• Power generator system 1100 may include a housing such that the power generator system is modular. A top plate of the housing may include solar cells, and flooring. The top plate of the housing may be removable from the remaining portions of the power generator system. Accordingly, the flooring may not need to be thrown out each time the power generation components of the system are accessed. The housing may contain a generator housing holding the generator, flywheel, helix screw and/or sensors. The generator housing may be configured to be easily removed and replaced. The housing may be sealed so that the unit does not allow for debris and water to easily enter and damage the generator housings. Furthermore, the housing may be designed such that water cannot collect under the flooring. The housing may also be designed such that the top is sealed yet has a porous foundation that allows for water to drain in the event of a spill.
  • In one embodiment power generator system 1100 may include modular components that may be easily installed and connected together via a snap or slide in lock. Furthermore the power generator system may be designed such that the unit must account for the off chance of having to remove the full unit rather than just the top plate. Furthermore, the electrical connections between the units may be configured so that the units may be connected together so that there is one output which heads to the building battery cell and the grid tie inverter.
  • In one embodiment, the power generator system may use a pulse motor and starter. A pulse motor may use a solenoid or several solenoids matched with strong neodymium magnets to create a truly brushless motor. By passing intermittent pulses of current through the solenoid, the flywheel/motor component will be able to pick up speed and sustain for the duration that the motor runs. This mechanism may be designed to run on very little current and high voltage. This mechanism can be incorporated to generate more power from a single compressive force by utilizing a large capacity battery and motor tuned to last years, or mini solar cells to continuously charge the pulse motor battery unit. Furthermore, this unit generates a back electromagnetic field EMF which can also be used to increase the efficiency of the pulse motor. This pulse motor would allow for a single unit to generate the 10 Watts for up to a minute due to the added energy from pulse motor during the compressive force event. The pulse motor may be used to improve the efficiency of energy harvesting as multiple sources of energy can be aggregated into one single output.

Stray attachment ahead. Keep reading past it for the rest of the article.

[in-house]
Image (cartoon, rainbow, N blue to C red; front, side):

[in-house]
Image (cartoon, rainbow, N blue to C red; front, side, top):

• In one embodiment, piezoelectric plates may be used to run the pulse motors so as to eliminate the need for solar cells. In one embodiment, a unit's top plate may be composed of piezoelectric (PZT) material. Accordingly, whenever a compressive force event takes place, the piezoelectric crystals would be able to generate power to charge the high-capacity battery to drive the pulse motor. Using piezoelectric material allows a user to cover the floor in the material of their choice. Additionally, the piezoelectric crystals, can increase the power output by increasing the surface density due to nano-etching pyramidal structures onto the substrate. However, the piezoelectric material may require that instantaneous output from a compressive force be put through a bridge rectifier, and capacitor circuit to smooth the power out into the battery cell. Another kind of piezoelectric that can be used is poled barium titanate. The higher output characteristics could help alleviate the need for a large footprint of solar cells needed.
  • In one embodiment, the power generator system may include thermoelectric generators that are configured to harvest the lost heat energy on the floor during the compressive force events. Due to the constant moving parts within the mechanism, heat is generated. When done so the thermoelectric generator is able to create a closed loop to help improve the efficiency of the device.
  • As illustrated in FIG. 15, lever systems 1500 may be used with a power generation system. The top panel in FIG. 15 illustrates a lever 1502 configured to drive the system like a rack and pinion gear system. The bottom left panel in FIG. 15 illustrates a lever 1522 configured to carry momentum created to spin the system. The bottom right panel in FIG. 15 illustrates a lever 1532 configured to use a similar rotational design but locks the system after each event to allow a flywheel 1504 to carry the momentum. In one embodiment a lever may be used on the side, such that within each unit a rotation for an axial flux generator may be generated by placing a free rotating lever connected to a 90 degree screw converter which will then all for an axial flux generator or triboelectric generator to be spun.
  • As illustrated in FIG. 16 in one embodiment, the power generator system may include a triboelectric generator. Illustrated are a rotor 1602 and a stator 1604. This triboelectric system can operate as a noncontact power generation system when rotated. The system may include conductive metal gratings like copper placed onto an FR4 PCB board or a Teflon based PCB board. The stator 1604 must then be treated with a thin layer of dielectric triboelectric material. The material could be kapton or Teflon or any suitable material as long as the material is a charge acceptor. When the rotor 1602 is spun at a distance between 0 and 10 cm power may be generated.